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Friday, July 30, 2010

Hanging By The Thread...Review

About the book:
For ten years, a secret society has risen to power. They have infiltrated every facet of the federal government. They are powerful. They have extraordinary access to public funds. They have incredible technologies. And freedom is their nemesis.

They have sought to destroy economic freedom, amass power to the federal government, and create mass dependency. They call themselves THE THREAD. And now, they are poised to destroy the Constitution and rise to power.
 

But, on the eve of their burst into power, a copy of their plan falls into the hands of a young man in the Utah State Capitol building. A small group forms and comes to understand the plan of The Thread. And now, the race is on. Time is short and the group must struggle to preserve their lives, their nation, and freedom itself.

I'm not a political junkie.  I have a limited (at best) knowledge of economics. But, I think this story is timely.  Very timely.  You can say what you want about conspiracy theorists but many people are concerned about what they see happening in America today.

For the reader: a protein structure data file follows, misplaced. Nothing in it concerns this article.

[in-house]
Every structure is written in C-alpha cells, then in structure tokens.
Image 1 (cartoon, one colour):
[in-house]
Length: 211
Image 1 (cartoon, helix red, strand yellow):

Colton Wiser discovers an interesting and disturbing document in a copy room at the Capitol Building in Salt Lake City.  Curious, he shows it to his roommates and soon finds himself racing to meet an economics professor at Brigham Young University.  As the four men study this plan, they realize that the future of America and the very freedoms they cherish are in danger. When masked men burst through the door, they realize they, themselves, are also in danger.  They must find a way to prevent a bomb detonation and make the country aware of a terrifying plan to overthrow the government. 

A fast-paced story that spans 24 hours. Think an educated Jack Bauer, but with a lower body count and a bit more control. 

This was a terrific, albeit somewhat pedantic, way to explain and teach economics to others.  Dr. Isaacson's lectures at the back of the book are thought-provoking lessons about economic freedom and the way it relates to human happiness.

Overall, a compelling debut novel and one I can easily recommend.

Thanks to the author and Bostick Communications for the opportunity to review this book.  You can learn more about Donald B. Anderson here.  You can purchase your own copy here.

Read 7/10

* * * *
4/5 Stars


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